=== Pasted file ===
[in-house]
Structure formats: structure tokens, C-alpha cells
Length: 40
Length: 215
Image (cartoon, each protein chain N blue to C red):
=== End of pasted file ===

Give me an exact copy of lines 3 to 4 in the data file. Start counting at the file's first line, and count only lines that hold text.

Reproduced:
Length: 40
Length: 215